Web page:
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When I teach either the first or second semester of calculus, I always begin with a short problem set to assess student understanding of a few key ideas. One of the first questions I pose is to give the students a simple cubic polynomial, say x3+ 6x, and ask for both the average rate of change over a given interval, say [0,2], and the instantaneous rate of change at a particular value, say x = 1. Invariably, almost everyone, even at the start of Calculus I, can calculate the instantaneous rate of change. Almost no one gives me the correct average rate of change.
The difficulty is that finding the instantaneous rate is formulaic. If students remember nothing else from calculus, they know that differentiation turns x3+ 6x into 3x2 + 6. Asking for the average rate of change requires that they know what this means. I am certain that my students all saw average rates of change in their precalculus courses. They probably saw it again when they were introduced to the derivative in high school calculus. But in a calculus class, it is merely a step in the development of the derivative, a case of what the teacher talks about but not what they need to know for the exam.
The belief that average rates of change are not significant is reinforced when, as in Stewart’s calculus, the derivative is introduced as the slope of the tangent line. The problem is that slope is a problematic concept for many students. Identifying the derivative with the slope of a tangent line suggests a geometric understanding of derivatives. But too often it does no such thing, instead shortcircuiting student development of an understanding of the derivative as describing the multiplicative relationship between changes in two linked variables.
The problematic nature of slope and rates of change was nicely documented in a paper by Cameron Byerley and Pat Thompson that appeared last year in the Journal of Mathematical Behavior. In the summers of 2013 and 2014, they administered a diagnostic instrument requiring written responses to 251 high school mathematics teachers.
The following is an example of the kinds of questions that were asked. Part B was asked on a separate page with the answer entered by pen so that teachers could not go back to change the answer to Part A after seeing Part B.
Part A. Mrs. Samber taught an introductory lesson on slope. In the lesson she divided 8.2 by 2.7 to calculate the slope of a line, getting 3.04. Convey to Mrs. Samber’s students what 3.04 means.
Part B. A student explained the meaning of 3.04 by saying, “It means that every time x changes by 1, y changes by 3.04.” Mrs. Samber asked, “What would 3.04 mean if x changes by something other than 1?” What would be a good answer to Mrs. Samber’s question?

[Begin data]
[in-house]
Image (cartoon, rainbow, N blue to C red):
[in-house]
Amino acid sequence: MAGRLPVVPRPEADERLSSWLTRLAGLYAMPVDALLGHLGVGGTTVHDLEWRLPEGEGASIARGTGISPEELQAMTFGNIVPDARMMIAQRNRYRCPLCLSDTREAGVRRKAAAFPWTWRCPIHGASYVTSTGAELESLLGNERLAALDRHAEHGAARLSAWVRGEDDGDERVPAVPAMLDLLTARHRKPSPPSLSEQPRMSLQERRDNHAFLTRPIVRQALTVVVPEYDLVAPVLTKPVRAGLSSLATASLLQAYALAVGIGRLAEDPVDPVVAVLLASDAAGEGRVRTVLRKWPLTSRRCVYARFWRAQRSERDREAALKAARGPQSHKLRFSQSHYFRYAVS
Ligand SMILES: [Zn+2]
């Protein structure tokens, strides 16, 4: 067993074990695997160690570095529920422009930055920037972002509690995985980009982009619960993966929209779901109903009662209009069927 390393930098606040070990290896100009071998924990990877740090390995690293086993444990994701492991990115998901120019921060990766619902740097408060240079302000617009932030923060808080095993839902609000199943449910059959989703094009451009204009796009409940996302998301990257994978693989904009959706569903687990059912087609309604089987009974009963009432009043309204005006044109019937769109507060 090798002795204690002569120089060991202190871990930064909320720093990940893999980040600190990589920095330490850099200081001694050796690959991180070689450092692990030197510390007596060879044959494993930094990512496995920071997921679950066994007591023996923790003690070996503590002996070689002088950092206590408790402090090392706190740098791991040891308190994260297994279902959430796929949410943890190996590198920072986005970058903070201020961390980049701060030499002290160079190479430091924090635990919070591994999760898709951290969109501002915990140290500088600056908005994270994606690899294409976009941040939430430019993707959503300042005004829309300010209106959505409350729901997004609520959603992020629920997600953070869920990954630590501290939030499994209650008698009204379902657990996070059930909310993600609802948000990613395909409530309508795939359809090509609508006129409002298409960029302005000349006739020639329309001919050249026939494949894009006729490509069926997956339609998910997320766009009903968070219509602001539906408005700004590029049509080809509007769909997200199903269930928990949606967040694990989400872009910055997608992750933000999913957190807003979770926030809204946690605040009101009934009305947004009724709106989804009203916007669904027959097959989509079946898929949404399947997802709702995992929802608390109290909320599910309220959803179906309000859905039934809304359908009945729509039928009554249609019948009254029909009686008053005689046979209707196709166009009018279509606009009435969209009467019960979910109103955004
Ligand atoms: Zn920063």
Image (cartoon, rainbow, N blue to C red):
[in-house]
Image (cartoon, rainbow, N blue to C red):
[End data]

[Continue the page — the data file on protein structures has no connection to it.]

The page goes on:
The point that Byerley and Thompson were getting at was whether teachers recognized 3.04 as a multiplicative factor connecting the change in x to the change in y. Earlier interviews had revealed that many teachers have a “chunky” understanding of slope, that a slope of ¾ means that if you go 4 units to the right and 3 units up, you will return to the line. One sign of a chunky understanding is an inability to find the increase in y if x changes by something other than 4. Another is the belief that a slope of –5/6 is different from a slope of 5/–6, indicating that the teacher understands a slope of a/b as meaning a sequence of actions rather than a single number.
A chunky explanation of Part A, similar to the student’s response described in Part B, was given by 78% of the teachers. Part B was included to give them a chance to expand to a multiplicative explanation. Only 8% of the teachers who gave a chunky answer to Part A provided a multiplicative response to Part B.
Further teacher difficulties with the concept of slope and rate of change are illustrated in the following two problems (Figures 1 and 2).
Figure 1. Item Called Relative Rates.
© 2014 Arizona Board of Regents. Used with permission.

Figure 2. Item Called Slope from Blank Graph.
© 2014 Arizona Board of Regents. Used with permission.

Given teacher difficulties with the concept of slope, we should expect most of our students to enter calculus with an inadequate understanding of what it tells us about the relationship between the variables. While mathematicians hear “slope” and associate it with the multiplicative relationship between changes in the two variables, most of our students interpret it as nothing more than an arbitrary numerical description of the degree of “slantiness.”
Consequently, when we define the derivative as the slope of the tangent, we fail to convey the meaning that makes the derivative so useful. If we want students to understand this meaning, the derivative must be introduced in terms of a multiplicative relationship between changes in the variables. It must be grounded in a thorough understanding of what average rates of change tell us and what a constant rate of change actually implies.
Reference
Byerley, C. and Thompson, P. (2017). Secondary mathematics teachers’ meaning for measure, slope, and rate of change. Journal of Mathematical Behavior. 48:168–193.